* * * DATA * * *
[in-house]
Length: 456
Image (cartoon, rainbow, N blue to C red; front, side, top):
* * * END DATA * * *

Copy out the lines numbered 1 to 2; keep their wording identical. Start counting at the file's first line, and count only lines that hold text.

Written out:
[in-house]
Length: 456